In honor of Native American Heritage Month, the Bellevue University Library is hosting a Lunch and Learn presentation titled “Standing Bear: Walking Towards Justice.” This Lunch and Learn, hosted by Rick Galusha, will occur today in the Library from 12:30 to 1:30 PM. The presentation will also be available via Zoom. It will also be recorded and made available to the entire Bellevue University community. In this presentation, Rick Galusha will discuss the figure Standing Bear and his contributions to history.

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Fun Facts Fall 2021

 

It’s not hard to find interesting or useful facts when you crack open a book in the library.  Let’s see what fun facts Jessica found when she browsed through the reference related materials.

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National Recording Registry

What does Kermit the Frog, President Roosevelt, and Janet Jackson have in common? Their voices will be preserved forever.

I told you about the National Film Registry NFR (on Oct. 8, 2021) that preserves important films and movies for all time but this time we will talk about its’ twin, the National Recording Registry NRR. The idea is the same as the film one: permanently preserve sound recordings that are deemed “culturally, historically or aesthetically significant” by the Library of Congress. The recordings do not have to be the best recordings or professionally produced. As long as they are important to American culture, they will be considered for preservation. Just like the NFR, there is some criteria to be met before being inducted to the NRR. These are: the recording has to be at least 10 years old, have a copy exist (they prefer the original but if that does not exist, a copy will be preserved), and may contain music (can be a single song or a whole album), non-music, spoken word, or broadcast sound.

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National Origami Day

National Origami Day celebrates an art that is almost as old as paper itself. The art of origami evolved over centuries, leaving a paper trail, so to speak, that spans cultures and countries. Though the origins of origami not entirely clear, this much is certain, this tradition could not have predated the invention of paper. Origami is literally the art of paper folding, whose very name is derived from the Japanese words, ori, meaning to fold and kami, meaning paper. Despite its close association with Japan, it would not have been possible without China’s invention of paper in sheet form in 105 A.D. It is likely that the precursors of origami, known in China as zhezhi or folded paper, developed shortly thereafter.

It took another 400 years before paper made its way to Japan in the 6th century by way of Buddhist monks. Origami in Japan was first used exclusively in religious ceremonies due to the expense of paper. Later, wealthy families who could afford this expensive handmade material, began to use paper for their correspondence. They liked to include an intricately folded piece of paper with their letters, partly to flaunt their wealth. It would be another 13 centuries before Japan’s industrial revolution in the late 19th century made paper available to the masses. It was not long before origami was embraced as a leisurely activity and raised to an art form.

Of course, origami eventually found its way to Europe, possibly evolving from napkin folding, a popular practice in the 17th century. Paper folding really took off when it became part of the German kindergarten school curriculum. The founder of kindergarten, Friedrich Fröbel, believed it to be an easy way to introduce geometry. This early exposure to paper folding led to the flourishing of origami across Europe.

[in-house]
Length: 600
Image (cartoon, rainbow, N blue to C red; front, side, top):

The United States was a little slower to discover origami; New Yorker Lillian Oppenheimer introduced it to the U.S. and Great Britain in the 20th century. Her OrigamiUSA organization is still active today with an annual two-week convention beginning on her birthday, October 24th and ending on November 11th, National Origami Day.

Facts Along the Paper Trail

True origami uses only a single sheet of square paper, folded without use of scissors, tape, or markings, and constructed entirely through folds. You could think of it as a logic problem or brainteaser, but many people are up to the challenge, as evidenced by the many books and patterns available.

Kirigami is a variation that allows the use of strategic cuts. It comes from the Japanese words “kiru” (to cut) and “kami” (paper).

Golden paper nuggets (yuanbao) became a part of traditional Chinese funerals by around 900 AD. They were folded in the likeness of ingot currency and with the intention of being cast into a fire at the end of the ceremony.

European folding patterns usually used a 45 degree angle, while Japanese folding patterns often used a 22.5 degree fold.

No story about origami would be complete without mentioning the tradition of folding 1000 paper crane within one year. It is said that accomplishing this will grant you happiness and eternal good luck. Why 1000 cranes? Cranes in Japanese folklore are said to live 1000 years. Origami cranes that are folded into a group of 1000 are called senbazuru and are usually made of many different colors of paper, and strung together to be hung from a ceiling.

You can read more about these and many other fascinating facts about origami and its history at these links:

National Origami Day – November 11, 2021

Origami: How the Ancient Art of Paper Folding Evolved Over Time and Continues to Inspire

A Brief History of Origami

The History of Origami (All About Japan)

History of Origami

The Story of Sadako Sasaki and the Hiroshima Peace Cranes

1,000 Origami Paper Cranes for Good Fortune